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Kinetics – or the importance of rate constants in biological and pharmaceutical research

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When investigating molecular interactions, equilibrium dissociation constants (KD) are commonly used as a measure of the affinity of two molecules for each other. In other words, the KD is a direct measure of the strength of an interaction. Determining the KD is very important to evaluate the biological relevance of an interaction, such as in the study of fusion proteins, DNA-protein binding and for standard protein analysis.

Fig. 1: Sensorgram of a typical surface plasmon resonance (SPR) measurement.
One of the interactants is immobilized on the sensor surface, while the others are free in solution and pass over the surface. A typical cycle of measurement contains association, steady-state and dissociation phases, eventually followed by regeneration; these phases are displayed in the sensorgram.

However, obtaining only a KD value does not provide independent information on the kinetics of the molecular interaction. In other words, KD does not tell you how quickly the two molecules bind (i.e., the association rate constant or "on-rate" of the interaction), or how quickly the molecules dissociate (i.e., the dissociation rate constant or "off-rate" of the interaction). Indeed, molecular interactions that have the same KD can have widely different on- and off-rates (Fig. 2).

Fig. 2: Comparison of 4 different compounds with same affinity but different kinetics.

The kinetics of a molecular interaction are very important for drug discovery and development1, 2, 3, 4. The off-rate is especially important, because it tells you how long the compound binds to the ligand or target. A low off-rate would mean the drug could be formulated for less frequent dosing, whereas a high off-rate might require multiples doses per day. Given how important patient compliance is for treating many diseases—such as chronic diseases5 and acute infections—ensuring a compound can be used in a convenient dosage regimen is vital to drug development. Many studies have shown that patients are less likely to miss a dose when they are taking a drug once a day compared with twice a day, and a once-weekly dose results in even better compliance.

Kinetic data can also help reveal a compound's mechanism of action6, 7, 8 by determining whether the compound is interacting with, for example, one or multiple binding sites on the target9. This information is important for a number of reasons. For example, while most enzyme targets have a unique active site, they typically share other structural features with other enzymes. Interacting with such an allosteric site10 could lead to unwanted reactions with other enzymes. Alternatively, a researcher might be looking for an allosteric interaction to activate or modulate the target.

Surface plasmon resonance (SPR) can be used to determine both kinetic/thermodynamic and equilibrium data, as well as the concentration of active compounds, to:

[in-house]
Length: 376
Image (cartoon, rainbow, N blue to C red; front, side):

No other biophysical technique provides such comprehensive information in real time in only one system.

We hope you found this white paper helpful and informative. You can read more about SPR instrument hardware and sensor chips elsewhere on XanTec's website.

If you would like advice on how to best determine equilibrium constants and association and dissociation rate constants, please do not hesitate to contact us. Also, please contact us if you would like to suggest topics for future white papers, or if you have any suggestions to make our white papers even better.

  1. Kersh, Gilbert J., et al. "High-and low-potency ligands with similar affinities for the TCR: the importance of kinetics in TCR signaling." Immunity 9.6 (1998): 817-826.
  2. Kuang, Ming, et al. "Binding Kinetics versus Affinities in BRD4 Inhibition." Journal of chemical information and modeling 55.9 (2015): 1926-1935.
  3. Guo, Dong, Laura H. Heitman, and Adriaan P. IJzerman. "The role of target binding kinetics in drug discovery." ChemMedChem 10.11 (2015): 1793-1796.
  4. C Swinney, David, et al. "The role of binding kinetics in GPCR drug discovery." Current topics in medicinal chemistry 15.24 (2015): 2504-2522.
  5. Glossop, Paul A., et al. "Inhalation by design: novel tertiary amine muscarinic m3 receptor antagonists with slow off-rate binding kinetics for inhaled once-daily treatment of chronic obstructive pulmonary disease." Journal of medicinal chemistry 54.19 (2011): 6888-6904.
  6. Pan, Albert C., et al. "Molecular determinants of drug–receptor binding kinetics." Drug discovery today 18.13 (2013): 667-673.
  7. Copeland, Robert A., David L. Pompliano, and Thomas D. Meek. "Drug–target residence time and its implications for lead optimization." Nature reviews Drug discovery 5.9 (2006): 730-739.
  8. Schneider, Elisabeth V., et al. "Structure–kinetic relationship study of CDK8/CycC specific compounds." Proceedings of the National Academy of Sciences 110.20 (2013): 8081-8086.
  9. Pargellis, Christopher, et al. "Inhibition of p38 MAP kinase by utilizing a novel allosteric binding site." Nature Structural & Molecular Biology 9.4 (2002): 268-272.
  10. Regan, John, et al. "The kinetics of binding to p38MAP kinase by analogues of BIRB 796." Bioorganic & medicinal chemistry letters 13.18 (2003): 3101-3104.